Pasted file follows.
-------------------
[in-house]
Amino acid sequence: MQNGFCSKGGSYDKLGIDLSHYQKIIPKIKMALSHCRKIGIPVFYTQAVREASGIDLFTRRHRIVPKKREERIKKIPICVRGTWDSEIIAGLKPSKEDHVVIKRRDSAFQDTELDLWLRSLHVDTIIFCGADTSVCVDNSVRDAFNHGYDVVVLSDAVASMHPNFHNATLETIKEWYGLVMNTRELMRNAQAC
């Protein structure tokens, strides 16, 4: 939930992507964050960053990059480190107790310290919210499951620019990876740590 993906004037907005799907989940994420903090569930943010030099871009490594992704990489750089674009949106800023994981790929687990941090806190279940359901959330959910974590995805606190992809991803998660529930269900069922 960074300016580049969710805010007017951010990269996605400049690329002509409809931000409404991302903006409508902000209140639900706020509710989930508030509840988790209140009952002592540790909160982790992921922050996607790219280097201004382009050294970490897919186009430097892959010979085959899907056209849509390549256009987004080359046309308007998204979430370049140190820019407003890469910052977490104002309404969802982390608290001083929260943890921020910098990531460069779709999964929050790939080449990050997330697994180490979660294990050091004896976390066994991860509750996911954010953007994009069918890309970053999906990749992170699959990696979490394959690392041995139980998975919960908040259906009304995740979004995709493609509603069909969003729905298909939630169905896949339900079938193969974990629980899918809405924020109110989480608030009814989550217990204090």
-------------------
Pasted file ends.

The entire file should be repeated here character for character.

[in-house]
Amino acid sequence: MQNGFCSKGGSYDKLGIDLSHYQKIIPKIKMALSHCRKIGIPVFYTQAVREASGIDLFTRRHRIVPKKREERIKKIPICVRGTWDSEIIAGLKPSKEDHVVIKRRDSAFQDTELDLWLRSLHVDTIIFCGADTSVCVDNSVRDAFNHGYDVVVLSDAVASMHPNFHNATLETIKEWYGLVMNTRELMRNAQAC
């Protein structure tokens, strides 16, 4: 939930992507964050960053990059480190107790310290919210499951620019990876740590 993906004037907005799907989940994420903090569930943010030099871009490594992704990489750089674009949106800023994981790929687990941090806190279940359901959330959910974590995805606190992809991803998660529930269900069922 960074300016580049969710805010007017951010990269996605400049690329002509409809931000409404991302903006409508902000209140639900706020509710989930508030509840988790209140009952002592540790909160982790992921922050996607790219280097201004382009050294970490897919186009430097892959010979085959899907056209849509390549256009987004080359046309308007998204979430370049140190820019407003890469910052977490104002309404969802982390608290001083929260943890921020910098990531460069779709999964929050790939080449990050997330697994180490979660294990050091004896976390066994991860509750996911954010953007994009069918890309970053999906990749992170699959990696979490394959690392041995139980998975919960908040259906009304995740979004995709493609509603069909969003729905298909939630169905896949339900079938193969974990629980899918809405924020109110989480608030009814989550217990204090």